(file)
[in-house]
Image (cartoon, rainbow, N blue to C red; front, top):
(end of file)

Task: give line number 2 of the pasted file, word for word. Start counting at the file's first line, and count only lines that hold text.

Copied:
Image (cartoon, rainbow, N blue to C red; front, top):